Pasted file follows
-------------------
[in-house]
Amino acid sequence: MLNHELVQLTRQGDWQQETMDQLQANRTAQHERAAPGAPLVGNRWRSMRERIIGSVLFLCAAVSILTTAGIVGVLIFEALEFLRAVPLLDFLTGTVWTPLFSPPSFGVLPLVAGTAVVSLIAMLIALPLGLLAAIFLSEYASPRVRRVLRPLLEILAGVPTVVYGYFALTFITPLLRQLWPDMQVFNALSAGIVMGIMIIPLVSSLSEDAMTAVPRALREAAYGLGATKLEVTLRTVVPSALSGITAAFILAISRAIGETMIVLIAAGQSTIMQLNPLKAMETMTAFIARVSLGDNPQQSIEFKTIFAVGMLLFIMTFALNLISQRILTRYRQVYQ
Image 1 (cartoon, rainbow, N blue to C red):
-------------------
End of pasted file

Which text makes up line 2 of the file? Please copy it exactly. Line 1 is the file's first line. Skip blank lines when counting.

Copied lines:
Amino acid sequence: MLNHELVQLTRQGDWQQETMDQLQANRTAQHERAAPGAPLVGNRWRSMRERIIGSVLFLCAAVSILTTAGIVGVLIFEALEFLRAVPLLDFLTGTVWTPLFSPPSFGVLPLVAGTAVVSLIAMLIALPLGLLAAIFLSEYASPRVRRVLRPLLEILAGVPTVVYGYFALTFITPLLRQLWPDMQVFNALSAGIVMGIMIIPLVSSLSEDAMTAVPRALREAAYGLGATKLEVTLRTVVPSALSGITAAFILAISRAIGETMIVLIAAGQSTIMQLNPLKAMETMTAFIARVSLGDNPQQSIEFKTIFAVGMLLFIMTFALNLISQRILTRYRQVYQ